Who or what is killing Catalina’s colony cats?

Two of the surviving “colony cats,” three of which have died in recent weeks under suspicious circumstances. Photo courtesy of L.A. Sheriff’s Department

Mystery has never been a stranger to Catalina Island, but the Los Angeles Sheriff’s Department is busy investigating the most recent case of who or what is poisoning the colony cats? The investigation began Tuesday night as Mayor Anni Marshall read a letter from Diane Stone, president of the Catalina Island Humane Society, who pleaded for help.

Stone said several “colony cats” have become extremely ill or have died of late, and a local vet has determined the affected cats had all consumed antifreeze. “There are two obvious ways for cats t0ingest antifreeze,” said the letter. It said that it was possible that someone inadvertently left antifreeze near animals, or someone purposely made the “unthinkable choice” of feeding it to them “with the intent of killing the animal.”

Stone informed the Council that she “would like to think this is an isolated, accidental incident but we cannot be naïve and blind to the fact that this could be a conscious, malicious and illegal act.” L.A. Sheriff’s Capt. John Hocking, while making his report to the Council, asked for a copy of the letter on the spot to begin an investigation. On Wednesday, Hocking said, “if this an in intentional act, we will arrest them and recommend charges directly to the District Attorney.” Investigators spent most of the day trying to sort out the facts.

The cats that were sickened and those that died were “colony cats,” meaning they did not belong to anyone in particular, but were being fed by an Avalon woman, he said.

In all, four cats have so far been involved. The first incident began on Mother’s Day and have been occurring since.

Most of the incidents have occurred near Falls Canyon where it meets Country Club Drive. He said area is littered with abandoned cars, golf carts and other junk, so it is potential there was some antifreeze leaking, but none was found.

The city is currently trying to clean up the area, shipping the abandoned junk over town for disposal. Investigators have thus far found no “bowls of antifreeze,” said Hocking on Thursday.

Hocking said the investigation revealed that the first cat that was found dead was “buried” and therefore unclear if it had been poisoned. He said the first cat found had indications that it could have been attacked by another animal.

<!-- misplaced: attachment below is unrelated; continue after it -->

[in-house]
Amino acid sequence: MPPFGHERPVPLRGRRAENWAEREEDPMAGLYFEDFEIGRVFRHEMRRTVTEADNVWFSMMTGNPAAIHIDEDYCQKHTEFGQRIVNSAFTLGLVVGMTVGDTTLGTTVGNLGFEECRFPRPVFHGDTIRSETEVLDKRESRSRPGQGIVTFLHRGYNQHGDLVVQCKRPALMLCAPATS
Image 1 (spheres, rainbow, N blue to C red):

The second cat was found a couple of weeks later. He said the vet reported the cat was in pain, it was acting very sluggish and obviously mortally sick. The cat eventually died but since there was little suspicion at the time, no tissue samples were taken, Hocking said.

However, when it happened again to another of the colony cats, it showed the same symptoms and eventually died, Dr. Richard Denney of the Animal Clinic of Catalina performed a cat autopsy (necropsy) using tissue samples that reportedly confirmed the antifreeze findings, said Hocking.

Since then, a fourth cat has been found “showing the same symptoms” but is being treated by Dr. Denney and is recovering,” said Hocking.

“This is very early in the investigation,” Hocking said Thursday. Investigators cannot say the cats were poisoned and they cannot rule it out.

The top law enforcement official on the island said he is curious as to who may use antifreeze on the island, since it is a tropical climate, but that he has found some businesses that do. “It could be accidental, but we’re just not sure yet.”

Whatever is causing the death of the cats, purposeful or accidental, Hocking said it needs to be prevented so that it does not spread to other species like deer or foxes.

The investigation will continue, he said, and if the Sheriff’s department determines the cats were intentionally poisoned, those found responsible will be charged with “cruelty to animals involving death,” which he said is “a very serious charge.”


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